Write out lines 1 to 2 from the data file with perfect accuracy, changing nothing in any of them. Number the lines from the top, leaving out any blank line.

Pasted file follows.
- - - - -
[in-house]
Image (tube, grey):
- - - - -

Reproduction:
[in-house]
Image (tube, grey):